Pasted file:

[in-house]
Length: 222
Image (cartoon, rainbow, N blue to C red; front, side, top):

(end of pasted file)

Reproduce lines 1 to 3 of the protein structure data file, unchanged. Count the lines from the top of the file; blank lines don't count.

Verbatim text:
[in-house]
Length: 222
Image (cartoon, rainbow, N blue to C red; front, side, top):